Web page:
Macy’s Department Store is one of this country’s premier retailers, and, according to CEW President Carlotta Jacobson, “It is making such exciting moves to reimagine itself under Jeff Gennette’s leadership. We can’t wait to hear his vision for the prestige beauty model as Macy’s continues to transform.” Jacobson welcomed attendees to The Union League Club in New York City for the presentation, and provided background on the newly elected chief executive officer of Macy’s, who assumed his role as chairman in February 2018. Previously, he was president of Macy’s, Inc., since 2014, and prior to that, chief merchandising officer, since 2009.
He has spent his 35-year career in retail with Macy’s, starting as an executive trainee at Macy’s West in San Francisco in 1983, and advancing through positions of increasing responsibility.
Jacobson thanked the sponsors of the event, including lead sponsor, Cosmopolitan, which has collaborated on an interactive shopping initiative with Macy’s; and Arcade Beauty, Shiseido, Coty, Estée Lauder, L’Oréal, Puig, WSL Strategic Retail, Rosenthal & Rosenthal, Beauty Inc, WWD, Moblty, Suite K, Fabler, and Kaplow Communications.
Donna Kalajian Lagani, SVP-publications director and chief revenue officer, Cosmopolitan; and Jessica Pels, editor-in-chief, Cosmopolitan, described their partnership with Macy’s, which enables one click purchasing of fragrances and cosmetics that customers see in the pages of the magazine. The initiative allows women to try on looks directly from the magazine, click the QR code, and then buy the look directly from Macy’s—a response to the reported 72% of women who want to try makeup on before they buy it.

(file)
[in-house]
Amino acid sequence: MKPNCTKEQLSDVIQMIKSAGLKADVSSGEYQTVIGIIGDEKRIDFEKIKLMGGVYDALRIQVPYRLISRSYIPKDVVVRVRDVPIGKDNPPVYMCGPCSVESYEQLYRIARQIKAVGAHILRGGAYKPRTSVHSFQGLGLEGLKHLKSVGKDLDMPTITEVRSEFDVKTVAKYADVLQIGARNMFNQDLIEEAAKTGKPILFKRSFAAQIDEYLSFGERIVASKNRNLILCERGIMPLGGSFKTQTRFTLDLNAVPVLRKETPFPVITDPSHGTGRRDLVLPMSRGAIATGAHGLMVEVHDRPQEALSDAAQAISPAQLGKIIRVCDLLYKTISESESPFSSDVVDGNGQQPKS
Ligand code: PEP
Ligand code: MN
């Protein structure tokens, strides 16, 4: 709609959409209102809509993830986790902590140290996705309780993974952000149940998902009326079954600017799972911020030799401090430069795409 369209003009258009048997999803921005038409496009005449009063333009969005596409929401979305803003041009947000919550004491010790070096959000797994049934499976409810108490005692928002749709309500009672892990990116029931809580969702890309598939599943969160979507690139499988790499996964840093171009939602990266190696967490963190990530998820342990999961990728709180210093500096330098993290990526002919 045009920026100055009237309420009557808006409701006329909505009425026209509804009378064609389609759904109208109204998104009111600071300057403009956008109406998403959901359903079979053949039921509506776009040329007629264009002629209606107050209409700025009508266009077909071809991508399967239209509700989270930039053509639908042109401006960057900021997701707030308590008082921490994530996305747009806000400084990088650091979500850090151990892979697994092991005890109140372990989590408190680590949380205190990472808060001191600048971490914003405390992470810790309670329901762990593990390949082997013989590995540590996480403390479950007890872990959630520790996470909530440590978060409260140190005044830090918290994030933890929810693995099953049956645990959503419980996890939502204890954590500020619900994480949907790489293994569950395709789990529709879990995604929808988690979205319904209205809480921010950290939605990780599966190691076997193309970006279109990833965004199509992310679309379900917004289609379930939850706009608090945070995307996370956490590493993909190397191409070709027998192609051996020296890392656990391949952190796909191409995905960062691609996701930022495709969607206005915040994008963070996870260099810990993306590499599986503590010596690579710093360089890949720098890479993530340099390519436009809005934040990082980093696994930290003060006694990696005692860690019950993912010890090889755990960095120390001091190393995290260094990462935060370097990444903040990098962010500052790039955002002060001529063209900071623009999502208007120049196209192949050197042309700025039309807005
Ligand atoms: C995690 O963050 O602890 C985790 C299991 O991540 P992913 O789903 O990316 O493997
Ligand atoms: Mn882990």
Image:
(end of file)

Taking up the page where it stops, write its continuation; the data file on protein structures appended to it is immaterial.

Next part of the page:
The Strategies Unfold
Moderator, Jill Scalamandre, CEW chairwoman, and president, Global Makeup Center of Excellence, Shiseido, began the discussion with Gennette by addressing the diverse points of view of today’s customer.
“Customers have more choice than ever, and we have looked closely at the years 2015-2016, to recognize the fundamental changes of customers and how they shop," he explained. "We have determined where customers could play fruitfully. You’d better be strong in digital. That’s a big part of the customer journey.”
Gennette explained that is was key to meet the customer’s needs, find the friction in the customer’s shopping process, and determine how to engage them.
“We honed into the fashionable spender who is very motivated. Shoes and beauty are passion categories for us; and we also recognize our partners as opportunities to coalesce with us. In addition, we looked at talent. It started about two and a half years ago, in 2016; and we’ve been whittling down based on the eco-system of where our customer shops. The brick and mortar and the digital businesses have amplified inter-penetration,” explained Gennette, noting the need to have DNA-appropriate retail representation in each store.
“Different customers are drawn to each of our stores, for example, neighborhood stores may provide items like Bali bras; or magnet stores, which offer beauty and fashion apparel have a different customer base. Then we have our 11 flagship stores, offering the best in retail. Each type of store is different. Neighborhood stores offer curated essentials, and are more open sell in nature; and each type of store has the goods and services that their customers seek; while the magnet stores will have the branded experiences,” said Gennette.
A video entitled, Find the Remarkable You, was shown to illustrate the lives of real women, not models, who are being addressed in Macy’s newest ad campaign.
“We are reaching real, fashionable women in an authentic and cross-branded way,” he said, noting that the women in the ad campaign were athletes and teachers, conveying authenticity and relatability.
Scalamandre asked if the ad was intended for viewers to take another look at Macy’s.
“When we were ready, and getting our house in order, we started launching these campaigns,” he responded, demonstrating his message with another video, which offers an emotional and personal look at the fragrance category.
Animating Brands at Retail
Gennette described a diverse customer base that was seeking a combination of specific brands, as well as color options and skin care choices, when they shopped.